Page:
It’s great to see the Irish actor Catherine Walker in a big international TV role – she was a star of The Clinic, on RTÉ – although the women doctors, all the same age and shape, and with the same chilly countenance, seem clones of each other. It’s hard to get too interested in them, either.
For my medical-drama fix I think I’ll stick with the warm, engaging and reliably incident-packed Grey’s Anatomy, which is now three episodes past its midseason hiatus. (Spoiler alert: if you’re watching on RTÉ2 you are several episodes behind, so look away now.)
This week’s drama centres on the difficult subject of fatal foetal abnormality, and does so in a nuanced but heart-wrenching way. That’s one in the eye for anyone who thinks Grey’s is all about surgeons shifting each other in the storeroom, although it has quite a lot of that, too.
One of the midseason cliffhangers – there were at least three juicy ones – was the discovery that all is not right with April’s pregnancy. After two episodes in which abortion is presented as a path to take – a viable option in the eyes of her husband, Jackson – April, a devout Christian, still hopes against the medical evidence that the baby boy will be fine. With the reality of the condition now clear, the workaround for the moral dilemma is to induce April early so that she – still praying for a miracle – and Jackson can hold him before he dies. There are prayers and candles, twist-the-knife-in-your-heart acting and the multiple flashbacks that Grey’s does so well, all while several other meaty plots tick away in the background. There’s not a dry eye in the house: it’s a classic episode.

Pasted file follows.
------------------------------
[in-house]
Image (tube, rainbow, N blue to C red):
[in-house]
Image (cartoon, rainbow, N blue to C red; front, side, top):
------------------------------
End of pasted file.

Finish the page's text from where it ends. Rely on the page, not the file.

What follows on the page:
Immigration Street (Channel 4, Tuesday), from the same producers as last year’s screamingly controversial Benefit Street, arrives in truncated form: one episode instead of the intended six. Put simply, many residents of Derby Road in Southampton – the “immigration street” of the title – are mindful of the tabloid clickbait that was Benefit Street and don’t want the cameras there. In that series “benefit” was presented as interchangeable with “scrounger”, so naming a series Immigration Street seems loaded, as if the word is automatically negative, a promise of pre-election ammunition for UKip.